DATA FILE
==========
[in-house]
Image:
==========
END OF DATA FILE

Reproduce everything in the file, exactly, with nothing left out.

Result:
[in-house]
Image: